Record by month the amount of infectious waste produced. If fifty pounds or more of infectious waste is produced in a single month, the Ohio environmental protection agency shall be notified in accordance with the Administrative Code. Generator certificates shall not include emergency vehicles or public safety vehicles and shall only be used at the site where they are generated.

Ohio Medical Waste Disposal

Ohio Medical Waste Disposal. A generator of infectious waste weighing 50 pounds or more must meet these Ohio Standards.

Ohio Medical Waste Disposal. At the point of generation, infectious wastes should be segregated from other wastes. At the very least, infectious wastes should be contained in their own containers, from other wastes.

Place sharp infectious wastes into an FDA cleared sharps container.

Do not grind or compact any sharp infectious wastes prior to having been treated in accordance with the Administrative Code. Do not grind or compact any other kinds of infectious wastes prior to having been treated in accordance with the Administrative Code.

Utilize a solid waste disposal facility that has been licensed under the Revised Code to handle infectious wastes after they have been processed to make them non-infectious by either:

The non-infectious waste generated at a facility owned or operated by the generator is treated using the methods, techniques, or practices prescribed by the Administrative Code.

Designating the wastes for treatment at an infectious waste treatment facility that holds a license issued under Ohio Revised Code or at a facility that holds a license to handle infectious wastes to the extent that treating those wastes is in accordance with that permit and its terms and conditions prior to disposal. In addition, facilities in other states operating in accordance with state and federal regulations.

Describe the major components of infectious wastes, any method of treatment that renders them noninfectious, and the generator’s process for distinguishing between waste containers that contain treated and untreated wastes to persons to whom the generator has entered into an arrangement to treat or dispose of the wastes upon receiving a written request.

To comply with the requirements of rule 3745-27-33 of the Administrative Code, all treated infectious wastes that are transported off the premises where they are generated must be accompanied by a disposal paper that meets the requirements.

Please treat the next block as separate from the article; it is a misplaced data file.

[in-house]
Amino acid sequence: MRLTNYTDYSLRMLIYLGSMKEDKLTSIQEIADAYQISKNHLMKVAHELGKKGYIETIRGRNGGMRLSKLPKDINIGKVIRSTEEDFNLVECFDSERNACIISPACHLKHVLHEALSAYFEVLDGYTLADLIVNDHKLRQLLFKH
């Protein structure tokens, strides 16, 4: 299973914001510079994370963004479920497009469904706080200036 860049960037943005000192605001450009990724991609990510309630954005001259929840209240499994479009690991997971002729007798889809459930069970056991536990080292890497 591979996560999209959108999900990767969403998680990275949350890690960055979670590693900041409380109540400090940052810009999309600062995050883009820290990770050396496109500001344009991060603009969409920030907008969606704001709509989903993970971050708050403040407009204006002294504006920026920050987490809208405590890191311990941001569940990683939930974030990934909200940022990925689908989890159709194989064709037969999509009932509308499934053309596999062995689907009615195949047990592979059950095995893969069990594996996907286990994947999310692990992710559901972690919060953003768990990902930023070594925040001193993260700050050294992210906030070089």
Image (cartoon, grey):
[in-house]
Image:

Ohio Medical Waste Disposal Service Area

Ohio Medical Waste Disposal. Bio-MED services the entire state of Ohio including the following cities for medical waste disposal.

Bowling Green
Cleveland Heights
Cuyahoga Falls
Elmwood Place

Garfield Heights
Grove City
Huber Heights

Upper Arlington

Ohio About

Ohio is a state in the Midwestern region of the United States. Of the fifty U.S. states, it is the 34th-largest by area, and with a population of nearly 11.8 million, is the seventh-most populous and tenth-most densely populated. The state’s capital and largest city is Columbus, with the Columbus metro area, Greater Cincinnati, and Greater Cleveland being the largest metropolitan areas.

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Bio-MED Regulated Waste Solutions
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Helpful Ohio Resources

Ohio EPA
50 W Town St Suite 700
Columbus, OH 43215

Ohio DOT
1885 N McCullough St
Lima, OH 45801

Ohio Department of Health
246 N High St
Columbus, OH 43215

Ohio Interesting Information

Ohio’s geographic location has proven to be an asset for economic growth and expansion. Because Ohio links the Northeast to the Midwest, much cargo and business traffic passes through its borders along its well-developed highways. Ohio has the nation’s 10th largest highway network and is within a one-day drive of 50% of North America’s population and 70% of North America’s manufacturing capacity. To the north, Ohio has 312 miles of coastline with Lake Erie, which allows for numerous cargo ports such as Cleveland and Toledo. Ohio’s southern border is defined by the Ohio River. Ohio’s neighbors are Pennsylvania to the east, Michigan to the northwest, Lake Erie to the north, Indiana to the west, Kentucky on the south, and West Virginia on the southeast.

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A Holistic Approach to Medical Waste Management

What truly sets Bio-MED apart is its holistic approach to medical waste management, covering every facet from collection and transportation to treatment and final disposal. This comprehensive system ensures regulatory compliance, safety, and environmental stewardship

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Specialized Fleet, including an All-Electric Vehicle

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Managing Medical Waste Safety and Efficiency

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Environmental Stewardship

Demonstrating a commitment to environmental responsibility, Bio-MED employs eco-friendly practices in waste management, including reusable containers, all-electric medical waste transport vehicle, and a medical waste processing plant that reduces waste volume.